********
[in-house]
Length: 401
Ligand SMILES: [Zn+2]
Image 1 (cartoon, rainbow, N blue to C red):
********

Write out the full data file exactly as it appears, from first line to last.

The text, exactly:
[in-house]
Length: 401
Ligand SMILES: [Zn+2]
Image 1 (cartoon, rainbow, N blue to C red):